After Latest Turn, Is Muqtada al-Sadr Losing Influence in Iraq?

The populist cleric has repositioned himself in Iraqi politics multiple times, but his recent shift against youth-led protestors may signal his decline as an autonomous political force.

Expert comment Updated 17 March 2020 Published 12 February 2020 4 minute READ

Dr Benedict Robin-D’Cruz

Postdoctoral Fellow, Aarhus University

Muqtada al-Sadr in Najaf in October. Photo: Getty Images.

Muqtada al-Sadr in Najaf in October. Photo: Getty Images.

Following the US strike on Qassem Solaimani and Abu Mehdi al-Muhandis, populist cleric Muqtada al-Sadr has violently cracked down on youth-led protests in Iraq.

His paramilitaries and ‘blue hats’ – supposedly created to protect protestors from state and allied parastatal security forces – sought to end the months-long demonstrations by attacking the places where protesters have camped since October. In Baghdad’s Tahrir Square, they successfully captured the famous Turkish restaurant which had become a symbol of Iraq’s ‘October revolution’.

Once the champion of Iraq’s protest movement, Sadr has seemingly changed course and now leads the counter-protests. This reversal has mystified many, from Iraqis who saw Sadr as an ally in their struggle for reform against an impenetrable elite to foreign diplomats who hoped Sadr could help pushback against Iranian influence in Iraq.

Yet this is not the first time that Sadr has drastically redefined his position. Since 2003, he has gone from Shia sectarian militia leader to pro-democracy reformist and Iraqi nationalist.

And in the past few months, he has given mixed signals, both supporting and criticising the protesters. The most recent incidents of Sadrist violence targeting demonstrators provoked a societal backlash, prompting Sadr to change tack once more and announce that he would disband the blue hats and investigate their crimes against protesters.

Sadr and the paramilitaries

Sadr’s latest change of course may seem to flow directly from the US assassination of Qassem Soleimani and Abu Mahdi al-Muhandis and the ensuing vacuum in the Shia paramilitary sphere. Prior to this move, the Sadrists were on the defensive, outflanked and outgunned by the growing coercive and political power of a constellation of Shia armed groups coalescing under Muhandis’s de facto leadership. Many of these groups competed for Sadr’s base, including Qais al-Khazali’s Asa’ib ahl al-Haq and Akram al-Kaabi’s Harakat Hezbollah al-Nujaba.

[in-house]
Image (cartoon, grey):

With Muhandis out of the picture, Sadr could reclaim the space by pushing his own right hand, Kadhem al-Issawi (Abu Do’a), to be the new centre of the paramilitary field and forcing competitors, including Khaza’li and Kaabi, to rally around his leadership.

Iran, in the short term, appears to be going along with this solution to bring more coherence to its allied forces in Iraq as it seeks to counter what it regards as US aggression. Iran also hopes that bringing Sadr back in will help neutralize the protest movement which threatens its stake in Iraqi politics.

The most visible sign of this Iran-brokered rapprochement was the 13 January meeting in Qom attended by Sadr, Issawi and several senior militia commanders including Laith al-Khazali (Qais al-Khazali’s brother).

Following the Qom meeting, a pattern of tit-for-tat violence and assassinations between the Sadrists’ Saraya al-Salam and Asa’ib Ahl al-Haq – ongoing since the start of the October protests in Iraq – ceased.

A fragmented movement?

However, while the US strikes certainly changed Sadr’s political calculations, there are more persistent fundamentals at work that help explain his change of course. The first of these relates to long-standing fragmentation within the movement. This exists not only within Sadrist paramilitaries, but within the movement’s clerical networks, and also applies to the ties that bind the Sadrist leadership to its popular base. This fragmentation makes it difficult for Sadr to impose a coherent politics on his followers from the top down.

There are signs that Sadr’s recent shift in position has exacerbated this fragmentation. His attempt to reposition the movement’s base within the ‘resistance axis’ that supports the Shia militias in Iraq has only been partially successful. On 24 January, responding to the US assassinations, Sadr called for a million-man march focused on expelling US forces from Iraq. However, turnout was poor, especially given the huge logistical support for the march, and it lasted only a few hours.